Most people lead rather ordinary lives, built around family, job, church and hobbies. This is fine for most. The need to pay the bills leads many to engage in work that is unfulfilling, boring and stifling. That so many people work at energy sapping employment should be a motivating factor in seeking entrepreneurial opportunity. Sadly, most people are totally risk averse and eliminate themselves from the potential rewards available almost exclusively to entrepreneurs.The perceived risk taker (the entrepreneur) is, in actuality, not the real risk taker. The real risk taker is the person willing to work a dull job, for average pay, letting life fly by without ever knowing the excitement of being in the fray. This person leaves life without ever having made a mark. Looking back on a journey that did not include excitement, change and risk would seem to reflect an empty, unfulfilled life lived.Entrepreneurs crave change, excitement, competition and risk, understanding that these are the defining hurdles to be overcome if success is to be achieved. The ability to test oneself against the overwhelming mass of competitive opportunities available in the marketplace is a narcotic to serial entrepreneurs. They might not always succeed, but they will always try.Most new products are developed from an entrepreneur’s life experience. The hundreds of new product ideas I review each year are overwhelmingly skewed to hobby: pet, cosmetic, sporting goods and children’s products. And overwhelmingly, these offerings can be described as having a fun component.Would it surprise you to know that the toy industry is 60% smaller than the pet product market? It did me! However, I have seen a dynamic at work in many product categories that I think explains this surprising number. I call it “Passion for Fun”. Golfers, hunters (and fisherman) and pet owners are among the most passionate people I interview. They are intensely immersed in all aspects of their passion. Maybe toy manufacturers are not making hot new toys, or parents are spending more money on educational products, but I know parents love their children. They just are not passionate about toys.An avid outdoorsman will buy any and every product that might potentially provide them an edge when hunting or fishing. More strikes for a fisherman, closer and clearer shots for a hunter, more fish caught and more game killed is the goal of every sportsman. They are passionate about their sport and keen to know of any product that will increase their success and their fun.Pet owners are every bit as passionate about their animals. Sharing one’s home with an animal is a statement of commitment, sharing and passion in itself. Pet toys, exercisers, top grade foods, and even vitamin enriched bottled waters are huge sellers to pet owners as they pamper their animals. The joy pet owners receive from sharing their lives with a loved pet is highly rewarding. Watching a child play with a puppy, or kitten, is one of parent’s most valued memories.Golfers share the same commitment to expanding their enjoyment of every aspect of the golfing experience. I review more golf products every year than any other single category. In every instance, the entrepreneur believes they have developed a product that will improve golf performance, lower scores and increase the play experience. These entrepreneurs are always golfers with passion, looking to provide an edge through the unique features contained in their invention.Passion for fun entrepreneurs, because of the love they have for their hobby or sport, provides products that represent joy to them. It is so much easier to succeed with a product that screams leisure, happiness or fun. The ability to build an exciting new product opportunity that provides a fun feature and benefit to an area of passion is a dream come true for these entrepreneur’s.My father worked a dead end job. He was intensely unhappy that life had passed him by (his words). He told me as a young man, “do something that is fun, not work”. Work and fun mean different things to different people. Some people are happiest at work, no matter the type of work: it identifies them. Invariably this type of person is an entrepreneur. They enjoy the work because they own the business.Most people, however, would rather make a living from “fun” work. Working as a golf pro, sportscaster, artist, writer, personal trainer or coach are just a few jobs that many people would describe as fun and rewarding. Most of the products that I review, and that succeed in the marketplace, offer features and benefits providing a way to deliver more fun to passions and hobbies.I do review many work-related products, as well. Many of these have huge potential. The ability to provide an advance in wellness, technology or e-commerce can be hugely lucrative. As a capitalist I love these projects. Nevertheless, the real fun and passion I view when working with hobby, fun related products is usually absent from industrial inventions.Novel hobby and sport related products are often more easily conceived, easier to patent and trademark and more easily designed and manufactured than most industrial products. The capital required to launch a pet exercise toy can be a fraction of a mechanical tool or technology. Often times, we utilize the inventor of a fun product as the branding spokesperson for the item. The passion for fun that the entrepreneur has vested in their product is contagious and transfers to greater sales and believability.When aspiring entrepreneurs are seeking a product to create and market we strongly advise that they look around the house or garage. What is their true passion? What provides enjoyment, happiness and a feeling of contentment? When they scrap book, assemble model planes, play chess, golf, swim, or read, is there something that they often think would improve the experience. This is the surest way to discover potential opportunity in an area of great interest. You can invent that new product, and it will be rewarding to you and every user as your entrepreneurial career commences.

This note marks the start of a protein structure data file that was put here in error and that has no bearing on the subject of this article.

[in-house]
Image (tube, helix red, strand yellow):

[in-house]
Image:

Has the link to the leaky gut and autoimmune disease become more clear? I believe it has and researchers from Canada have helped by a nice review on intestinal permeability in the British journal Gut.Dr. J. B. Medding and his colleagues in Edmonton, Alberta Canada (Arrieta, Gut, 2006) describe how the intestine serves as a barrier when normal but becomes a source of the genesis of autoimmune diseases when it becomes abnormally permeable. That is, when your gut becomes leaky (“the leaky gut syndrome”) several autoimmune diseases are known to occur.Intestinal permeability (how leaky the gut has become) can be evaluated in a manner specific to various sites in the gut. That is, the different areas of the gut, from stomach to large intestine, can be evaluated by specific tests for leakiness and related to damage and disease in those areas. Areas of leaky gut can be observed prior to the onset of disease and appear to be involved in the development of disease, especially autoimmune diseases like Celiac disease, diabetes, Crohn’s disease, as well as skin diseases like atopic dermatitis, rheumatologic conditions, and even irritable bowel syndrome.The authors propose a new paradigm consisting of “three main features…(1) A genetically susceptible immune system (the mucosal immune system), that allows the host to react abnormally to an environmental antigen.(2) An environmental product that triggers the disease process.(3) The ability for the environmental agent to interact with the mucosal immune system. Since the purpose of the epithelial barrier is to keep these two factors separate, and we measure this function of the barrier by permeability, the corollary of this is that an increase in permeability is a requirement for disease expression.”What does this mean in lay terms and in relationship to the concept of the leaky gut syndrome? The gut or intestine is supposed to be a barrier to foreign proteins like foods and bacteria. If your immune system is genetically predisposed to react adversely to a certain food proteins and/or bacteria in your gut (or nerves, skin or joints) you may react with activation of damaging chemicals intended to protect you from foreign invaders that instead damage your gut making it more leaky and more vulnerable as well as your nerves, skin, and joints.Leaky gut begets leaky gut. What results is more damage to your gut. Food and bacterial proteins can act together to damage the gut and allow toxic protein complexes to get through the gut that is normally supposed to be resistant to such a breach. Once in your blood stream, foreign proteins may initiate abnormal reactions that cause irritation to your brain, nerves, skin and/or joints.What many of you and I experience then are symptoms such as abdominal pain and bloating, gas, diarrhea, headaches, nerve pain, skin rashes and joint aches. The diagnoses that result are Celiac disease, Crohn’s disease and irritable bowel syndrome, multiple sclerosis, migraines, attention deficit, autism, depression, eczema, acne, rheumatoid arthritis, fibromyalgia, diabetes, chronic fatigue etc. etc.What really concerns some of us with personal and professional experience with this and who are passionately interested in this area is that there is an explosion of autoimmune diseases occurring right under our nose yet most doctors and lay public are missing the connection. Many people are being diagnosed with multiple conditions without anyone making the connection of the overload of our gut with certain foods that may be causing much of these illnesses. All of the problem foods have specific food proteins or lectins that are difficult to digest and potentially toxic to the gut. In particular if the food has been genetically engineered or modified their lectins may be more toxic to humans. Stay tuned for more on this exciting area, as I continue writing on the relationship of food, gut and disease. As your food doctor, the food doc, I hope to help you find the information you need to eat right to feel right even if your doctors are not making the connection.Bibliography:Arrieta MC, Bistritz L, Meddings, JB. Recent advances in clinical practice. Alterations in intestinal permeability. Gut 2006;55:1512-1520.